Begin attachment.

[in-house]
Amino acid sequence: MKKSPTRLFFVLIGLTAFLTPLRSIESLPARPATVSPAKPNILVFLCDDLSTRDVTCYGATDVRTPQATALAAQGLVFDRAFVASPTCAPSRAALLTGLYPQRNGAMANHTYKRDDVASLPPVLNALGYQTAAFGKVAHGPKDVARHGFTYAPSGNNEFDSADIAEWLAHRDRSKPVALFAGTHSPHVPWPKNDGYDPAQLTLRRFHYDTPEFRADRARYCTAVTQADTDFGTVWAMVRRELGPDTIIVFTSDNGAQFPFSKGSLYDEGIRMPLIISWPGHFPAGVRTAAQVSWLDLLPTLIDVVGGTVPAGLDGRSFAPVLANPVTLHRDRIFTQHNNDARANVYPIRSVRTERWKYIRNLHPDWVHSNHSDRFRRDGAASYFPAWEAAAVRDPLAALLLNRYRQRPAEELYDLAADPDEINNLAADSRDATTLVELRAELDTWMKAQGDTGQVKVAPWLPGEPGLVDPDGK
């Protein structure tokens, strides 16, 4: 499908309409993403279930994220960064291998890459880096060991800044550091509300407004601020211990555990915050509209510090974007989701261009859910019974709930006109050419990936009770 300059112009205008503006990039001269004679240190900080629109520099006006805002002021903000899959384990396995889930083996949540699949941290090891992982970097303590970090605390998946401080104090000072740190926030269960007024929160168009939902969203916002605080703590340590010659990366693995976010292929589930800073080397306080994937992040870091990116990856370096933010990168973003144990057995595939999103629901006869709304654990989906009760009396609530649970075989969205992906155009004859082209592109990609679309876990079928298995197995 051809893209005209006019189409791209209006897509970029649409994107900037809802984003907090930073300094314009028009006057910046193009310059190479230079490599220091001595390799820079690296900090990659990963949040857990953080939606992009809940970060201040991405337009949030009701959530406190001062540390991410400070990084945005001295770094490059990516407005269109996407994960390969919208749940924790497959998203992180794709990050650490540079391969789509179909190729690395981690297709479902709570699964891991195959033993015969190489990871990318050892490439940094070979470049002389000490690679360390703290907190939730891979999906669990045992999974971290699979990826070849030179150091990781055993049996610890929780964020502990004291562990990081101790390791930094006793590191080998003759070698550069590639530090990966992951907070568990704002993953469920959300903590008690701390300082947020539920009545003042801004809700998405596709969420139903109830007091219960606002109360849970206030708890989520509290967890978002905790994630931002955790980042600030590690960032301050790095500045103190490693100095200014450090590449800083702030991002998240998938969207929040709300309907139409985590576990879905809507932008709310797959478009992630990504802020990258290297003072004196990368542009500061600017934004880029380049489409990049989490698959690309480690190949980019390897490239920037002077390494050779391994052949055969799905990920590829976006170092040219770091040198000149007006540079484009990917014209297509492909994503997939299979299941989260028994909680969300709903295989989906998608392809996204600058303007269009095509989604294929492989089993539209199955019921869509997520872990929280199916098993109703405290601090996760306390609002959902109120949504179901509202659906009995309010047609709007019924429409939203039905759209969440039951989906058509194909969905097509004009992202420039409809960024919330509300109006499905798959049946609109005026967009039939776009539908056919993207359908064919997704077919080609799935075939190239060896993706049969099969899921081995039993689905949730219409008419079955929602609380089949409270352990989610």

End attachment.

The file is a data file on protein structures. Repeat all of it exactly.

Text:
[in-house]
Amino acid sequence: MKKSPTRLFFVLIGLTAFLTPLRSIESLPARPATVSPAKPNILVFLCDDLSTRDVTCYGATDVRTPQATALAAQGLVFDRAFVASPTCAPSRAALLTGLYPQRNGAMANHTYKRDDVASLPPVLNALGYQTAAFGKVAHGPKDVARHGFTYAPSGNNEFDSADIAEWLAHRDRSKPVALFAGTHSPHVPWPKNDGYDPAQLTLRRFHYDTPEFRADRARYCTAVTQADTDFGTVWAMVRRELGPDTIIVFTSDNGAQFPFSKGSLYDEGIRMPLIISWPGHFPAGVRTAAQVSWLDLLPTLIDVVGGTVPAGLDGRSFAPVLANPVTLHRDRIFTQHNNDARANVYPIRSVRTERWKYIRNLHPDWVHSNHSDRFRRDGAASYFPAWEAAAVRDPLAALLLNRYRQRPAEELYDLAADPDEINNLAADSRDATTLVELRAELDTWMKAQGDTGQVKVAPWLPGEPGLVDPDGK
């Protein structure tokens, strides 16, 4: 499908309409993403279930994220960064291998890459880096060991800044550091509300407004601020211990555990915050509209510090974007989701261009859910019974709930006109050419990936009770 300059112009205008503006990039001269004679240190900080629109520099006006805002002021903000899959384990396995889930083996949540699949941290090891992982970097303590970090605390998946401080104090000072740190926030269960007024929160168009939902969203916002605080703590340590010659990366693995976010292929589930800073080397306080994937992040870091990116990856370096933010990168973003144990057995595939999103629901006869709304654990989906009760009396609530649970075989969205992906155009004859082209592109990609679309876990079928298995197995 051809893209005209006019189409791209209006897509970029649409994107900037809802984003907090930073300094314009028009006057910046193009310059190479230079490599220091001595390799820079690296900090990659990963949040857990953080939606992009809940970060201040991405337009949030009701959530406190001062540390991410400070990084945005001295770094490059990516407005269109996407994960390969919208749940924790497959998203992180794709990050650490540079391969789509179909190729690395981690297709479902709570699964891991195959033993015969190489990871990318050892490439940094070979470049002389000490690679360390703290907190939730891979999906669990045992999974971290699979990826070849030179150091990781055993049996610890929780964020502990004291562990990081101790390791930094006793590191080998003759070698550069590639530090990966992951907070568990704002993953469920959300903590008690701390300082947020539920009545003042801004809700998405596709969420139903109830007091219960606002109360849970206030708890989520509290967890978002905790994630931002955790980042600030590690960032301050790095500045103190490693100095200014450090590449800083702030991002998240998938969207929040709300309907139409985590576990879905809507932008709310797959478009992630990504802020990258290297003072004196990368542009500061600017934004880029380049489409990049989490698959690309480690190949980019390897490239920037002077390494050779391994052949055969799905990920590829976006170092040219770091040198000149007006540079484009990917014209297509492909994503997939299979299941989260028994909680969300709903295989989906998608392809996204600058303007269009095509989604294929492989089993539209199955019921869509997520872990929280199916098993109703405290601090996760306390609002959902109120949504179901509202659906009995309010047609709007019924429409939203039905759209969440039951989906058509194909969905097509004009992202420039409809960024919330509300109006499905798959049946609109005026967009039939776009539908056919993207359908064919997704077919080609799935075939190239060896993706049969099969899921081995039993689905949730219409008419079955929602609380089949409270352990989610």